Try as they might, scientists have struggled to identity any particular genes that consistently predict the directions of our love and desire (Credit: Ignacio Lehmann)

You can spot the problem with this study a mile away: were the gay brains LeVay studied born that way, or did they become that way? LeVay himself pointed this out to Discover Magazine in 1994: “Since I looked at adult brains, we don’t know if the differences I found were there at birth or if they appeared later.” Further, the brains LeVay studied belonged to AIDS victims, so he couldn’t even be sure if what he was seeing had something to do with the disease.

Another landmark paper on the origins of homosexuality was published in 1993 by a geneticist named Dean Hamer, who was interested to learn whether homosexuality could be inherited. Beginning from his observation that there are more gay relatives on a mother’s side than a father’s, Hamer turned his attention to the X chromosome (which is passed on by the mother). He then recruited 40 pairs of gay brothers and got to work. What he found was that 33 of those brothers shared matching DNA in the Xq28, a region in the X chromosome. Hamer’s conclusion? He believes there’s about “99.5% certainty that there is a gene (or genes) in this area of the X chromosome that predisposes a male to become a heterosexual.”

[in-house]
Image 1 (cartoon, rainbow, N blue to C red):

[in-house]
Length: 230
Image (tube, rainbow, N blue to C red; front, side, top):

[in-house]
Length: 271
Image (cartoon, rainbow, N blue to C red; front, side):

A 2015 study sought to confirm Hamer’s findings, this time with a much larger sample: 409 pairs of gay brothers. Researchers were pleased with their findings, which they claimed “support the existence of genes on… Xq28 influencing development of male sexual orientation.”

But not everyone finds the results convincing, according to Science. For one thing, the study relied on a technique called genetic linkage, which has been widely replaced by genome-wide association studies. It’s also noteworthy that Sanders himself urged his study to be viewed with a certain caution. “We don’t think genetics is the whole story,” he said. “It’s not.”

And as Allen points out, there have also been studies that found no “X-linked gene underlying male homosexuality.” Perhaps predictably, these studies haven’t received as much media coverage.

Besides the individual critiques leveled against each new study announcing some gay gene discovery, there are major methodological criticisms to make about the entire enterprise in general, as Grzanka points out: “If we look at the ravenous pursuit, particularly among American scientists, to find a gay gene, what we see is that the conclusion has already been arrived at. All science is doing is waiting to find the proof.”